Leadership

When you don't respect your manager

If you don't like or respect your boss, don't quit your job. At least not without trying these tactics first.

So you're being paid a decent salary to do your dream job for a great company, but there’s just one thing wrong with the picture: your manager.

If you've ever felt like quitting your job because you didn't like or respect your boss, take my advice: Don't quit. In companies worth working for, good people last longer than bad managers do.

Who’s in charge here?
I realize some of you work for people who are great managers and have excellent technical skills, but those folks are few and far between. In IT, you typically find three types of managers:
  • Technically proficient but with mediocre management skills. If you’re like most IT people, you can usually respect a manager who has at least the same technical expertise or experience you have—even if you don’t like that manager’s personal management style. Reporting to someone who's less than an ideal manager is easier to do when that person is helping upgrade your skill set.
  • Great with people but not technical. Some managers who aren't great technicians still can be well liked and respected by their technically skilled subordinates. Wise nontechnical managers know that the way to look smart is to stay out of the way and let their good technical people produce results.
  • No technical or people skills. You have to wonder how people with no technical skills and poor management technique ever land an IT job in the first place. But IT is like every other profession—some real bozos sneak in occasionally.

Take this job and change it
It’s the people who fall into that third category that cause companies to lose good technical talent. If you report to one of those managers, here are some tips for keeping your job without sacrificing your sanity and self-respect.

Talk it out
Ideally, if you don’t like the way your boss is managing you and your career, you should be able to sit down and discuss the issues as rational adults. If your boss is the type of person who appreciates feedback and strives to be a better manager, he or she will appreciate your direct approach.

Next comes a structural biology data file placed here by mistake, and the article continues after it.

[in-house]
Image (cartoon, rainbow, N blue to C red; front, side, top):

The problem, of course, is that sharing constructive criticism is difficult in any setting, but especially when you’re talking to “the boss.” Honesty is supposed to be the best policy, but being too honest may backfire. If you say you’re unhappy with the way things are going, your manager may respond by reminding you where the door is.

Document your issues and go to HR
If there’s simply no way you can sit down and talk to your manager about what’s wrong—or if you’ve tried talking and nothing changed—take your case to the human resources department. Mediating conflicts between employees is one of the things the HR person is supposed to do, right?

Before you schedule the meeting with HR, put your thoughts together in writing. Document the issues from your point of view, and be sure to include your suggestions, if you have any, for how to resolve those issues.

Tell the HR person that you love your job, you love working for the company, but you need help resolving some issues with your manager. Mention at least one thing the manager does well before you start listing the problem areas.

The HR person’s job is to evaluate your concerns and pass along those concerns to the people who can address them. Of course, there’s no guarantee that the HR department will be able to change anything, but it’s one of your options.

Go over your manager’s head
I have a developer friend who told me this story. When he worked for a Fortune 100 company, he “reported to a clown.” “My manager didn’t understand the work I was doing, and yet he tried to micro-manage everything I did. I couldn’t stand working for him, but I liked the company.”